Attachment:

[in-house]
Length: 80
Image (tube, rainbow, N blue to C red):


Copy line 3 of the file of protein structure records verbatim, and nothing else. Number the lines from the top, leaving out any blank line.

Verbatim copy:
Image (tube, rainbow, N blue to C red):